MOSCOW (Reuters) - The Russian Energy Ministry said on Tuesday that electricity supplies from Ukraine to the Crimea peninsula had partially resumed.
The power lines to Crimea were blown up last month causing widespread blackouts and pro-Ukrainian activists prevented them being repaired.
The power cuts left some 2 million people reliant upon emergency generators and caused severe disruption, highlighting Crimea's reliance on Ukraine a year and a half after it broke away to join Russia.
The Russian ministry said supplies had resumed via one power transmission line out of the four connecting Ukraine and Crimea.
Ukraine, which is able to supply a total of 850 megawatts to Crimea, is supplying up to 160 megawatts to the peninsula, the ministry said in a statement.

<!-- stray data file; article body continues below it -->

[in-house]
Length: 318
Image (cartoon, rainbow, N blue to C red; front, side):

Crimea depends on Ukraine for at least 70 percent of its electricity. The first phase of Russia's planned energy cable between the peninsula and the Russian mainland is not due to be completed until later this month.
(Reporting by Anastasia Lyrchikova; writing by Katya Golubkova/Pavel Polityuk; editing by Maria Kiselyova and Jane Merriman)